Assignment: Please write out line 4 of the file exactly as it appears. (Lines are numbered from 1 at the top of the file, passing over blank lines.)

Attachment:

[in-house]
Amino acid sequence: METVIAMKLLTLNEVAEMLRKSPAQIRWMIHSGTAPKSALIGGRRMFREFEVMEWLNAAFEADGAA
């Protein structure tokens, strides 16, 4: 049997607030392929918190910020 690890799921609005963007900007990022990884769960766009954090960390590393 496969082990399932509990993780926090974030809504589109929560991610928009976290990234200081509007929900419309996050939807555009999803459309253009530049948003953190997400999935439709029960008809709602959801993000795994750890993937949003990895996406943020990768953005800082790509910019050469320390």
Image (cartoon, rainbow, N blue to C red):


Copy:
Image (cartoon, rainbow, N blue to C red):